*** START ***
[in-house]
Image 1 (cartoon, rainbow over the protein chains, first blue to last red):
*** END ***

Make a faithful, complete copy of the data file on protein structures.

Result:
[in-house]
Image 1 (cartoon, rainbow over the protein chains, first blue to last red):